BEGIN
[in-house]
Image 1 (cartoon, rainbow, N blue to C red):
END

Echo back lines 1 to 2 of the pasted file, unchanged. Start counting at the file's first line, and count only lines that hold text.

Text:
[in-house]
Image 1 (cartoon, rainbow, N blue to C red):